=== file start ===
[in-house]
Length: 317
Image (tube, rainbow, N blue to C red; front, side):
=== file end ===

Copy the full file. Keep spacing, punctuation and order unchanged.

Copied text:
[in-house]
Length: 317
Image (tube, rainbow, N blue to C red; front, side):